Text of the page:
I don’t want to take the costume off. I want to be a deity forever. I want to bask in the love of a thousand faces. I spin around like a small girl. My skirt spirals in the vortex. Beloved. I catch myself in the mirror and suddenly I’m Miss Havisham in a long velour dress and a fright wig. I see the old lady in the maiden’s dress caught in a single moment, calcifying in the best of times until it becomes the worst of times meanwhile missing all of the other times; the unsurprising of times, the fair-to-middling of times, and the times when nothing much seems to be happening at all. Everything you love discards you in the end. Even gorgeous days slip away through the horizon. All I can be sure of is that I am running out of time.

I take off the wig and I’m just left a woman with flat hair and a smudged face.

strange fruit galway


I never did work out how to light my fire. The Irish all seem to have magic fire making abilities. I’m sure I saw an Irishwoman light a fire with a single match. Another just seemed to wave her hands and the fire was ablaze. Apparently they call all do this because, “it’s such a comfort to have a fire,” and I agree but in Australia we spend all our time putting them out. It was sad but in the end I had to use a blow heater.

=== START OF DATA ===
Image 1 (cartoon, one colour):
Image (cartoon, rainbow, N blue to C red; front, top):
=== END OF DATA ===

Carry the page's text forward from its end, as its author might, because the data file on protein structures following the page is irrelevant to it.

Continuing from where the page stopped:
Sideshow reviewed

on November 2, 2014
A beautifully written, hilarious and heartwarming odyssey, this book follows the adventures of an aerial artist and her ‘family’ of reprobate colleagues as they traverse the world, flying not always with the greatest of ease. Smith’s writing is succinct, but nevertheless suffused with lush imagery and description that nails it all perfectly on the head. Her lost girl is a naive cynic, trying to find herself, but finding herself diverted by the dramas created by the circus of dysfunctional friends (and possible enemies) she travels with. I turned every page with a sense of delicious anticipation, and turned the last page wanting this book to go on for so much longer. I can’t wait for what comes next from this unique, new literary voice.